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Oral Microbiol Immunol. 1997 Oct;12(5):274-80.

The role of the Streptococcus mutans glucosyltransferases in the sucrose-dependent attachment to smooth surfaces: essential role of the GtfC enzyme.

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Department of Oral Biology, State University of New York, Buffalo, USA.


Previous results have indicated that the glucosyltransferase activities of mutans streptococci are required for sucrose-dependent colonization of tooth surfaces. We have constructed mutants of Streptococcus mutans GS5 that are altered in varying combinations of the three gtf genes present in this organism. A quantitative in vitro sucrose-dependent attachment system was used to demonstrate that the inactivation of the gtfC gene drastically reduced adherence to smooth surfaces. By contrast, inactivation of the gtfB gene resulted in a smaller, but significant, reduction in attachment while the gtfD mutant was only marginally affected. Furthermore, production of only the glucosyltransferase C enzyme allowed for attachment although at reduced levels compared to the wild-type organism. The results from reintroduction of single copies of each of the gtf genes into a mutant of strain GS5 lacking glucosyltransferase activity also demonstrated the crucial role of the glucosyltransferase C enzyme in colonization. These results suggest a unique role for the glucosyltransferase C enzyme in the sucrose-dependent colonization of tooth surfaces by S. mutans strains.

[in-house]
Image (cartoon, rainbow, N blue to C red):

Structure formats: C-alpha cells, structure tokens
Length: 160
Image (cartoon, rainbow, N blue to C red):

[Indexed for MEDLINE]

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